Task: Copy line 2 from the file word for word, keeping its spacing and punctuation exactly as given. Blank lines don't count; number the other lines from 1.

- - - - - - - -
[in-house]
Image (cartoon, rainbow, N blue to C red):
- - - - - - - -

Image (cartoon, rainbow, N blue to C red):